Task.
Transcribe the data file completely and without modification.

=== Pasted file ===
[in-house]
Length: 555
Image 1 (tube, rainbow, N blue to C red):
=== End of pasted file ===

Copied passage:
[in-house]
Length: 555
Image 1 (tube, rainbow, N blue to C red):